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Announcing v0.22: Rename Detection, Table Locking Checks, and more

· 7 min read

Hi everyone,

It's been a few weeks since our last release, and we're happy to be back with a version packed with brand new and exciting features. Here's what's inside:

  • RENAME Detection - This version includes a RENAME detector that identifies ambiguous situations of potential resource renames and interactively asks the user for feedback before generating the changes.
  • PostgreSQL Features
    • UNIQUE and EXCLUDE - Unique constraints and exclusion constraints were added.
    • Composite Types - Added support for composite types, which are user-defined types that represent the structure of a row.
    • Table lock checks - Eight new checks that review migration plans and alert in cases of a potential table locks in different modes.
  • SQL Server Sequence Support - Atlas now supports managing sequences in SQL Server.

Let's dive in!

RENAME Detection

One of the first things we were asked when we introduced Atlas's declarative approach to schema management was, “How are you going to deal with renames?” While column and table renames are a fairly rare event in the lifecycle of a project, the question arises from the fact that it's impossible to completely disambiguate between RENAME and DROP and ADD operations. While the end schema will be the same in both cases, the actual impact of an undesired DROP operation can be disastrous.

To avoid this, Atlas now detects potential RENAME scenarios during the migration planning phase and prompts the user about their intent.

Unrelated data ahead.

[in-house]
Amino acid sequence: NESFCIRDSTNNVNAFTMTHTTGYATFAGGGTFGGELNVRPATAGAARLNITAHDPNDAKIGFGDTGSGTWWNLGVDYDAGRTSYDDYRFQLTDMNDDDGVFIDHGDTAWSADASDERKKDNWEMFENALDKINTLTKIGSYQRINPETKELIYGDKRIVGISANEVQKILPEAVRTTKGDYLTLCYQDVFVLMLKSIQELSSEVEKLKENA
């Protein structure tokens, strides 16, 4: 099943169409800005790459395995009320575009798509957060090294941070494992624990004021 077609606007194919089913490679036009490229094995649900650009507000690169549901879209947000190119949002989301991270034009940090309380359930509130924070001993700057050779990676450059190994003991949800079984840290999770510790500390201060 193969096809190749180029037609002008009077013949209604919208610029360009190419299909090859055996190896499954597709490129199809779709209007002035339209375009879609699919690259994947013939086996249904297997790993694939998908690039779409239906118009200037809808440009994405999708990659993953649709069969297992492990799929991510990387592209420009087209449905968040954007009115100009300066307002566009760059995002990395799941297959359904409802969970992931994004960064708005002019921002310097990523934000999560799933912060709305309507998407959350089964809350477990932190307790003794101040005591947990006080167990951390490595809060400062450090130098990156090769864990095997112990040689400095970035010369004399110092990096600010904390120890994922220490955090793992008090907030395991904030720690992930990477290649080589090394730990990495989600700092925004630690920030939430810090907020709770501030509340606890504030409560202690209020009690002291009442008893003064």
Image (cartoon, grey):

Let's see this in action.

Assume we have a users table with the column first_name, which we changed to name.

After running the atlas migrate diff command to generate a migration, we will see the following:

? Did you rename "users" column from "first_name" to "name":
▸ Yes

If this was our intention, we will click "Yes" and the SQL statement will be a RENAME statement.

If we click "No", the SQL statement will drop the first_name column and create the name column instead.

PostgreSQL Features

Unique and Exclude Constraints

Now, Atlas supports declaring unique and exclude constraints in your schema.

For example, if we were to add a unique constraint on a name column, it would look similar to:

# Columns only.
unique "name" {
columns = []

Read more about unique constraints in Atlas here.

Exclude constraints ensure that if any two rows are compared using a specified operator, at least one of the specified conditions must hold true. This means that the constraint ensures that no two rows satisfy the specified operator at the same time.

exclude "excl_speaker_during" {
type = GIST
on {
column = column.speaker
op = "="
on {
column = column.during
op = "&&"

Composite Types

Composite Types are user-defined data types that represent a structure of a row or record. Once defined, composite types can be used to declare columns in tables or used in functions and stored procedures.

For example, let's say we have a users table where each user has an address. We can create a composite type address and add it as a column to the users table:

composite "address" {
schema = schema.public
field "street" {
type = text
field "city" {
type = text

table "users" {
schema = schema.public
column "address" {
type = composite.address

schema "public" {
comment = "standard public schema"

Learn more about composite types here.

Table Locking Checks